2022 saw major consolidation in the nursery market, and we are likely to see more and more smaller nursery groups bought up by large multinational companies in 2023. This follows a general trend of ‘financialisation’ in the UK care sector, funded by private equity groups and pension funds.
The growth of nursery chains has led Ofsted, the UK government body responsible for the inspection of educational institutions, to call for more powers to enable it to have regulatory oversight at a group level, rather than just individual settings. This would allow it to assess the influence of the company on education and care.
Oversight of these corporations should also involve looking at their track record of regulatory compliance. This process is made easier with the recent addition of just under 500 entries to the Violation Tracker UK database of non-domestic childcare settings that have not met standards at their latest Ofsted inspections.
A lack of unionisation in early years work means that cases where workers have been mistreated are far less likely to come to employment tribunals. However where they have, researchers will now be able to link recent Ofsted inadequate ratings to employment-related offences on the Violation Tracker UK website, as well as care quality violations and other safety-related infringements.
One such case where Violation Tracker data exposes alarming developments is the recent rapid UK expansion of Partou, the largest provider of nurseries in the Netherlands. Partou bought Just Childcare in 2021, and then All About Children last year. Five months before the purchase of All About Children, a majority share in Partou was bought by Dutch private equity firm Waterland who announced it had made the purchase to ‘introduce new standards in terms of ESG in childcare’.
Waterland, however, has a poor track record when it comes to safety and employment. Violation Tracker UK data reveals a rap sheet of eight workplace safety infringements, six labour standards violations and eight care quality violations committed by its private hospital, Priory Group, and care home subsidiaries. New Ofsted data added by Violation Tracker shows that Waterland owned at least three educational settings that were subsequently closed after being rated inadequate by the inspections body. The data shows too that since Partou acquired ‘Just Childcare’ in June 2021, four of its nurseries faced actions and enforcement by Ofsted for failing to meet standards.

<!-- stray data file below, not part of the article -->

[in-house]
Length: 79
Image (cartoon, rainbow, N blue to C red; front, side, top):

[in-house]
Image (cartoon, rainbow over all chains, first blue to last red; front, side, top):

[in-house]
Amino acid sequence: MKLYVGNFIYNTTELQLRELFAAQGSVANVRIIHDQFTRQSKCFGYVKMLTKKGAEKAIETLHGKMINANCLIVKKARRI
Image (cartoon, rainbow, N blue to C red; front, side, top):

2022 also saw US based childcare provider Bright Horizons, the second largest nursery chain in the UK, acquire ‘Only about Children’. At the beginning of last year Bright Horizons was fined £800,000 after an unsupervised baby in their care choked to death. Four different Bright Horizons nurseries were handed enforcement notices since July 2021.
Not all nursery chains have been expanding. Welcome Nurseries, known on Violation Tracker UK for a labour standards violation last year, had to sell 26 of its 48 settings to a newly created firm ‘Harp Group’ in August. Six months later, less than half of these are still in operation, with reports of parents frantic after being given only two weeks’ notice that they were closing. Six Welcome nurseries were found to have not met standards at their last inspections.
The expansion of nursery chains in the UK is only just beginning to attract scrutiny. Busy Bees, the largest nursery provider in the UK, now represent 855 centres across the country. Its parent company Eagle Superco Limited, controlled by a Canadian pension fund, has rapidly expanded its provision of day care nursery services across ten different countries over four continents. Like the fast-growing Bright Horizons, Busy Bees acquisitions are fuelled by hundreds of millions of pounds of debt.
This business model is unlikely to be good news for parents, children or the workers who take care of them. The money to service this level of debt will be coming in large part from fees paid by parents, which are already amongst the highest in the world.
With companies incentivised to maximise profit by squeezing wages and standards, tracking their conduct is more important than ever.
You can follow Violation Tracker UK on Twitter @VT__UK (note there are two underscores).